MI6 boss apologises for past ban on LGBT staff

Richard Moore says spy agency’s policy up to 1991 was ‘wrong, unjust and discriminatory’

The new head of MI6 has apologised publicly to officers who were thrown out of the spy agency before 1991 when it operated a “wrong, unjust and discriminatory” ban on LGBT staff in its ranks.

Richard Moore, also known as C, released a short video statement acknowledging that “committed, talented, public-spirited people had their careers and lives blighted” because they were told gay people could not serve.

Problems continued after 1991, Moore acknowledged. LGBT staff who were employed when the ban ended were treated badly for not previously disclosing their sexuality, he said, and others who joined after 1991 were made to feel unwelcome.

During the cold war it was believed that same-sex relationships were a risk to national security, partly because of the prejudices of the time and partly because it was thought the information could be used as a tool for blackmail.

The ban persisted for nearly a quarter a century after homosexuality was decriminalised in 1967. MI6 said it was unable to say how many people had been kicked out or prevented from joining for security reasons.

The practice of dismissing openly homosexual agents ran across Britain’s three spy agencies, most notably in the case of Alan Turing. The mathematician and codebreaker was forced out of GCHQ in 1952 after he was convicted for having a gay relationship. He was subjected to chemical castration and subsequently killed himself.

“Because of this policy, other loyal and patriotic people had their dreams of serving their country in MI6 shattered. This was wrong, unjust and discriminatory,” Moore said in a rare video message timed to coincide with LGBT+ history month.

“Today I apologise on behalf of MI6 for the way our LGBT+ colleagues and fellow citizens were treated and express my regret to those whose lives were affected. Being LGBT+ did not make these people a national security threat. Of course not.”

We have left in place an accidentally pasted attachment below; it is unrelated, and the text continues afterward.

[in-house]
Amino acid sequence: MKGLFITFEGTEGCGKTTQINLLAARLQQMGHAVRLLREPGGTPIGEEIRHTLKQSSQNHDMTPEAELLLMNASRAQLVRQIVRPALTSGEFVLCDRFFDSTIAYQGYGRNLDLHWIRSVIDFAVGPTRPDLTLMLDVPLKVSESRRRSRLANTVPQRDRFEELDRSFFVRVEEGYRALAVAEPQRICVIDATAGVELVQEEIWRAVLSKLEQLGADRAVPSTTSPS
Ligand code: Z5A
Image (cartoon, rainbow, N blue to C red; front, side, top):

A rainbow flag outside the MI6 building
A rainbow flag outside the MI6 building in London on International Day Against Homophobia in 2016. Photograph: Chris Ratcliffe/Getty Images

The agency is keen to shed James Bond or Oxbridge images of its agents in the belief it badly needs people who can operate effectively around the world as it focuses on Russia, China and the Middle East. On occasions in recent years it has lit up its Vauxhall headquarters in the rainbow colours of the pride flag.

“We still have more to do to become a fully inclusive employer, and my goal for MI6 is to make it a workplace where you can always bring your true self to work,” Moore said. “Diversity makes us more effective; inclusion makes us stronger.”

Prejudice against gay men in the secret service may have been heightened in part by a series of cold war spy scandals. The Cambridge Spy Ring, a group of agents and diplomats who passed information to the Soviet Union during the second world war, included two gay men, Guy Burgess and Anthony Blunt. A third, Donald MacLean, was bisexual.

It was routinely suggested that homosexual men in the secret service could not be trusted, a prejudice solidified by the case of the gay civil servant John Vassall, who was caught in a ‘honey trap’ sprung by the Soviet secret service in 1962. He was blackmailed into passing secrets to the Soviet Union and as a result sentenced to 18 years’ imprisonment for espionage.

The Ministry of Defence said earlier this week that it would allow former serving personnel to reclaim any medals taken from them when they were kicked out of the armed forces for being homosexual. The military’s bar on LGBT people serving ran until 2000.

The MoD action was criticised for not going far enough because it did not address issues such as criminal convictions, lost ranks and pension rights or compensation. Nor did Moore’s apology on behalf of MI6 refer to any form of redress.

Moore said he decided to act after his first meeting with MI6’s LGBT+ staff group when he took over in the autumn. “They said, look, this is outstanding, in our view. We’ve never had an apology for the hurt and distress caused to so many people.” He added: “That resonated very strongly with me.”

The spy chief was speaking in a short video discussion with the actor and gay rights campaigner Sir Ian McKellen. The actor said he believed it was worthwhile for MI6 to make an apology even if “some people will see it as late in the day”, arguing that “symbols do matter”.

Contributors

Dan Sabbagh and Alexandra Topping

The GuardianTramp

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